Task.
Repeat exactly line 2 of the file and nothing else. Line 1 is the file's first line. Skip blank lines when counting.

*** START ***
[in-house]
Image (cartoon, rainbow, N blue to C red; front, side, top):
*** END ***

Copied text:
Image (cartoon, rainbow, N blue to C red; front, side, top):